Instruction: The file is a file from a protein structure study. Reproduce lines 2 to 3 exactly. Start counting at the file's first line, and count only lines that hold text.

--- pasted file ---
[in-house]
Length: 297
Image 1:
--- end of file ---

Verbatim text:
Length: 297
Image 1: